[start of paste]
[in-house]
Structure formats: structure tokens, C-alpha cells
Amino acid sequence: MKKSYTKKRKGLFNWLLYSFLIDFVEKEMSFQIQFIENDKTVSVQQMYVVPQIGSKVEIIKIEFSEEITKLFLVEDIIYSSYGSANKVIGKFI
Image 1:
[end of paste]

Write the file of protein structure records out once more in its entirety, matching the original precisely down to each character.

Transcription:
[in-house]
Structure formats: structure tokens, C-alpha cells
Amino acid sequence: MKKSYTKKRKGLFNWLLYSFLIDFVEKEMSFQIQFIENDKTVSVQQMYVVPQIGSKVEIIKIEFSEEITKLFLVEDIIYSSYGSANKVIGKFI
Image 1: